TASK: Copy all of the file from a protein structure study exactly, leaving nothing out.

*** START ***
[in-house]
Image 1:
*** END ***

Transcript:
[in-house]
Image 1: